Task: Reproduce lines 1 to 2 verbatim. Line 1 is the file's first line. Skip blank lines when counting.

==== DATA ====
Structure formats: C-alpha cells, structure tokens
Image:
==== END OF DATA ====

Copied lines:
Structure formats: C-alpha cells, structure tokens
Image: